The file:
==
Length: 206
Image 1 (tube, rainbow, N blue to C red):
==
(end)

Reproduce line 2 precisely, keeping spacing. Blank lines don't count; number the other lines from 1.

Image 1 (tube, rainbow, N blue to C red):